Multiple myeloma (MM) is a clonal plasma cell malignancy that usually presents with a monoclonal protein in serum or urine, anemia, renal insufficiency and bone disease. Although MM represents ~10% of hematologic malignancies in the US with a median age of 69 years at diagnosis, the annual incidence of MM has been rising steadily over the past decade in the US, with a projected 30,000 new cases in 2016.1 This may be primarily driven by the increment in the proportion of the aging population coupled with an increased awareness about the disease due to the development of novel agents for treatment of MM. In comparison with the 1990s, the survival of MM patients has increased 4-fold, but many patients experience disease relapse and may eventually develop disease that is refractory to all approved agents.1 Therefore, there remains an impetus to understand drug resistance mechanisms and develop novel drug classes and treatment strategies based on disease biology. During relapse, patients may present with different burdens of disease and clinical symptoms that may also be complicated by other co-morbidities (diabetes, heart disease, chronic obstructive pulmonary disease, etc.) – this adds another dimension to the intricacy of their care.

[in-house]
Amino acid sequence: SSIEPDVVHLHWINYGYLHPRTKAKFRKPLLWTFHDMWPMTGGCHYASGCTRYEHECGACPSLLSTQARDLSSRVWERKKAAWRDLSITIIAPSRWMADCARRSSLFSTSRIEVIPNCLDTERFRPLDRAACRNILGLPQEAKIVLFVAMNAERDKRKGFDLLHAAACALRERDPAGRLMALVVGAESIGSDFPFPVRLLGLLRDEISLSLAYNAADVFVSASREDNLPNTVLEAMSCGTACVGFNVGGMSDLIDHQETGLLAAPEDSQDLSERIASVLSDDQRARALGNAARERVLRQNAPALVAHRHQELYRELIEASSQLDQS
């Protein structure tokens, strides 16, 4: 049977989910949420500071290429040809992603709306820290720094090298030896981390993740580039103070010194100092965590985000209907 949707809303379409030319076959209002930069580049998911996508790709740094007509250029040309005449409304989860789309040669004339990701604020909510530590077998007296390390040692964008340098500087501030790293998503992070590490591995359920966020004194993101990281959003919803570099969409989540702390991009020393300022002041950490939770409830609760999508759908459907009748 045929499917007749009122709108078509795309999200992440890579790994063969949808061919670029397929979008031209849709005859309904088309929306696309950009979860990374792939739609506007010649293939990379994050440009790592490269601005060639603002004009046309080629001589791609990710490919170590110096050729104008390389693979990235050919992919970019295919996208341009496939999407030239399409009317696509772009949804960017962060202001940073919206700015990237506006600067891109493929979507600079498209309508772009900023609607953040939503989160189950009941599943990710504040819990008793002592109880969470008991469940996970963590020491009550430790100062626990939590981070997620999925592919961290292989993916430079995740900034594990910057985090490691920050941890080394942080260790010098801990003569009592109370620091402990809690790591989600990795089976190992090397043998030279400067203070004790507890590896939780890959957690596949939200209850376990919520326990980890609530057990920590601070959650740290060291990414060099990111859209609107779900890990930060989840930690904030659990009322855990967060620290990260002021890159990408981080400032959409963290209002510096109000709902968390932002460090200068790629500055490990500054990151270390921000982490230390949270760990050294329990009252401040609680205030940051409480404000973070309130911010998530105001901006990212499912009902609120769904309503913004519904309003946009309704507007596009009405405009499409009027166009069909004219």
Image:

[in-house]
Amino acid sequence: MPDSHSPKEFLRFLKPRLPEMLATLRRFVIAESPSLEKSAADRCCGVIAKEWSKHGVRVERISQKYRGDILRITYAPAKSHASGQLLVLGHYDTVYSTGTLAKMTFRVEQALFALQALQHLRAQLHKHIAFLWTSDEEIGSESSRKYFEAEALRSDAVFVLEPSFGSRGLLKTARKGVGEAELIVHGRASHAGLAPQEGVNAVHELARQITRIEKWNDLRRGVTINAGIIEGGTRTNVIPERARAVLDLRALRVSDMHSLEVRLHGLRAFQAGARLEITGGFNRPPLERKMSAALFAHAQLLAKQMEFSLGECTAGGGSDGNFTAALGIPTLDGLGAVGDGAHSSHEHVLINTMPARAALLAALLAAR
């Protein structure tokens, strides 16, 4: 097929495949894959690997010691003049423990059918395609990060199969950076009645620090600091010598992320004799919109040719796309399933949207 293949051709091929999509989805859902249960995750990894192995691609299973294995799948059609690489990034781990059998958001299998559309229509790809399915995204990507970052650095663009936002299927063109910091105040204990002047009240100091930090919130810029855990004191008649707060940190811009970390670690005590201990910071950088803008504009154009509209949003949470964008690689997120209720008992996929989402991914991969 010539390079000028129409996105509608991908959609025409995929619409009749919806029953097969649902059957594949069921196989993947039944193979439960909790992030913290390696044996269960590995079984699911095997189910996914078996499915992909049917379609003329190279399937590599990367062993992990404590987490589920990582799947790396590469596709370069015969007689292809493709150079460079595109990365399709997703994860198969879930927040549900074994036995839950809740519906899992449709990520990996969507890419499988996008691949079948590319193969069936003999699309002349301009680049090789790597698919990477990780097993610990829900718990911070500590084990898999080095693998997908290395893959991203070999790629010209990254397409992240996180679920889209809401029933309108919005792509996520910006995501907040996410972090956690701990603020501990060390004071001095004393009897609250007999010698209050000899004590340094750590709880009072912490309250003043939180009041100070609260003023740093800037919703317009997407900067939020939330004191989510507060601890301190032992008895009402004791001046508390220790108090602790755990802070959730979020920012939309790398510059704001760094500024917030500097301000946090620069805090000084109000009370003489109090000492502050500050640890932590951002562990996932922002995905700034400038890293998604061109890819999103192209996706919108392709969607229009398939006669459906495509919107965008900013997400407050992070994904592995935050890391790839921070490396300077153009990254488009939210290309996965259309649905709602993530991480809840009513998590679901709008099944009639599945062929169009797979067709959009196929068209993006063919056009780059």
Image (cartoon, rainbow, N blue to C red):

Immunotherapy is a broad terminology applied to several strategies being employed in cancer medicine. These strategies include monoclonal antibodies (mAbs), antibody–drug conjugates and various adoptive cellular therapies (vaccines, natural killer [NK] cells, T cells, dendritic cells, etc.), with the last deemed as the most bona fide “immunotherapy” approach. The mAbs may target the cancer cell, its micro-environment or the immune system (eg, checkpoint inhibition). With the success of mAb therapy in the treatment of solid and hematologic malignancies, several targets are now being explored in MM. In this review, we focus on signaling lymphocytic activation molecule family member 7 (SLAMF7) as a therapeutic target in MM and the relevant preclinical and clinical data of the approved anti-SLAMF7 mAb elotuzumab (Elo).